I was lying in bed a few nights ago, reflecting upon my day and thinking how fortunate I am to be doing something I really enjoy and am passionate about.
Physiotherapy allows me to work with, and help my clients overcome physical problems which are usually impacting on quality of life. To be able to help is very rewarding. Being able to work, exercise and recreate without pain and with relative ease is so important to most of us, and for good reason. It's what makes us feel alive and well.
That said, as an introvert, treating patients, interacting and engaging closely with many different people on a day to day basis is not an activity I am naturally predisposed to. My personality type would usually be more inclined towards more solitary types of work, such as computer programming perhaps.
However according to what has been termed as ‘free trait theory’, there are many instances where introverts assume more extrovert type behaviours while in pursuit of a professional or personal endeavour which has meaning and resonance to them. In other words, as I have come to understand, if you feel that what you are doing is worthy and fulfils some inner purpose, it is possible to act out of type.
Introverts who behave according to free trait theory need to manage themselves carefully. What Dr. Brian Little would refer to as 'restorative niches' are essential to recharge and recuperate after a busy spell of extroverting. This might involve taking a quiet walk at lunch time, going somewhere quiet for a tea break, walking to or from work if possible to get some downtime before arriving home to the family, zoning out of a noisy work environment for a while with a set of headphones or even hiding out in the bathroom for a few minutes! On the weekends, a power nap gives me a restorative break from the busyness of our lively children.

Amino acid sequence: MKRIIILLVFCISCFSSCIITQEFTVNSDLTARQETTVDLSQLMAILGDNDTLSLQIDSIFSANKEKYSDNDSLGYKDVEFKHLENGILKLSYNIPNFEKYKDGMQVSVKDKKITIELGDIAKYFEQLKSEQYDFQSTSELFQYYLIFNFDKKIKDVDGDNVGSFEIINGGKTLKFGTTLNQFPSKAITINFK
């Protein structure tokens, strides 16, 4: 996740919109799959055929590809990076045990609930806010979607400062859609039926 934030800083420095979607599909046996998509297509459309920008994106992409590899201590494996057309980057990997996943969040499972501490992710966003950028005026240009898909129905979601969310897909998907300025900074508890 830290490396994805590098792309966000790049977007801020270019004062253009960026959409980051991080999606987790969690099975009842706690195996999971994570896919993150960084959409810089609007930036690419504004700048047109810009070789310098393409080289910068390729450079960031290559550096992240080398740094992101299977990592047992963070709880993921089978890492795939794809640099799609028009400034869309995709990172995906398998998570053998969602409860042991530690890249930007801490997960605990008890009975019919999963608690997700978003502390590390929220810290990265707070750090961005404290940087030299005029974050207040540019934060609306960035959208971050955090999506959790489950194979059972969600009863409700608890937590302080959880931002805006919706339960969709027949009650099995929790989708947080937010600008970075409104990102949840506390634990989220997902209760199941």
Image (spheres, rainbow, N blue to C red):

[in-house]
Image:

These ‘restorative niches’ are essential and if not done, the introverts may burn out due to nervous system overstimulation. I know this to be true as I have burnt out myself, more than once. So I have to manage my working days quite carefully. To be at my best for my patients, to be able to give them the attention and care they deserve and expect.
If I get the balance right, my working day ends up being a very satisfying mix of clinical work with patients followed by quiet clinic administration and management tasks, lecture preparation, course development, writing and so on. A nice run in Deer Park at the end of the day listening to a podcast is a bonus.
If you are an introvert, working in an extrovert environment, remember to look for those restorative niches. If you are struggling with headaches, fatigue, aches and pains, sleep disturbances or a lack of motivation, you are probably not giving yourself the quiet recharge time you need.
So to all fellow introverts, I say please mind yourselves to be at your best for those who need you.